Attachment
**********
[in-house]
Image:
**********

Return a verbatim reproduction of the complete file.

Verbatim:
[in-house]
Image: